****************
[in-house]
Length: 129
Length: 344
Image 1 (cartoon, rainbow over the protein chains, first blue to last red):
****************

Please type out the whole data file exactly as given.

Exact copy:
[in-house]
Length: 129
Length: 344
Image 1 (cartoon, rainbow over the protein chains, first blue to last red):